Multi-institutional Phase II study of proton beam therapy for organ-confined prostate cancer focusing on the incidence of late rectal toxicities

Int J Radiat Oncol Biol Phys. 2011 Oct 1;81(2):390-6. doi: 10.1016/j.ijrobp.2010.05.027. Epub 2010 Sep 9.


Purpose: Proton beam therapy (PBT) is theoretically an excellent modality for external beam radiotherapy, providing an ideal dose distribution. However, it is not clear whether PBT for prostate cancer can clinically control toxicities. The purpose of the present study was to estimate prospectively the incidence of late rectal toxicities after PBT for organ-confined prostate cancer.

Methods and materials: The major eligibility criteria included clinical Stage T1-T2N0M0; initial prostate-specific antigen level of ≤20 ng/mL and Gleason score ≤7; no hormonal therapy or hormonal therapy within 12 months before registration; and written informed consent. The primary endpoint was the incidence of late Grade 2 or greater rectal toxicity at 2 years. Three institutions in Japan participated in the present study after institutional review board approval from each. PBT was delivered to a total dose of 74 GyE in 37 fractions. The patients were prospectively followed up to collect the data on toxicities using the National Cancer Institute-Common Toxicity Criteria, version 2.0.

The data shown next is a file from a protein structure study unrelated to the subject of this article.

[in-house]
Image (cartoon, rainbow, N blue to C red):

Results: Between 2004 and 2007, 151 patients were enrolled in the present study. Of the 151 patients, 75, 49, 9, 17, and 1 had Stage T1c, T2a, T2b, T2c, and T3a, respectively. The Gleason score was 4, 5, 6, and 7 in 5, 15, 80 and 51 patients, respectively. The initial prostate-specific antigen level was <10 or 10-20 ng/mL in 102 and 49 patients, respectively, and 42 patients had received hormonal therapy and 109 had not. The median follow-up period was 43.4 months. Acute Grade 2 rectal and bladder toxicity temporarily developed in 0.7% and 12%, respectively. Of the 147 patients who had been followed up for >2 years, the incidence of late Grade 2 or greater rectal and bladder toxicity was 2.0% (95% confidence interval, 0-4.3%) and 4.1% (95% confidence interval, 0.9-7.3%) at 2 years, respectively.

Conclusion: The results of the present prospective study have revealed a valuable piece of evidence that PBT for localized prostate cancer can achieve a low incidence of late Grade 2 or greater rectal toxicities.

Publication types

  • Clinical Trial, Phase II
  • Multicenter Study
  • Research Support, Non-U.S. Gov't

MeSH terms

  • Aged
  • Aged, 80 and over
  • Humans
  • Incidence
  • Male
  • Middle Aged
  • Neoplasm Staging
  • Prospective Studies
  • Prostate-Specific Antigen / blood
  • Prostatic Neoplasms / blood
  • Prostatic Neoplasms / pathology
  • Prostatic Neoplasms / radiotherapy*
  • Proton Therapy*
  • Protons / adverse effects
  • Radiation Injuries / complications
  • Radiation Injuries / epidemiology*
  • Radiation Injuries / pathology
  • Rectal Diseases / etiology
  • Rectum / radiation effects*
  • Urinary Bladder / radiation effects
  • Urination Disorders / etiology


  • Protons
  • Prostate-Specific Antigen